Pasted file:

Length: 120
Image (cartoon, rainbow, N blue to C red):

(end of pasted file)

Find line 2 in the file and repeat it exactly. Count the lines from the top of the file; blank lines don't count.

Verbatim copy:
Image (cartoon, rainbow, N blue to C red):